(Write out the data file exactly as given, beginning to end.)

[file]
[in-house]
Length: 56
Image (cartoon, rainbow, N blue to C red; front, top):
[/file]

[in-house]
Length: 56
Image (cartoon, rainbow, N blue to C red; front, top):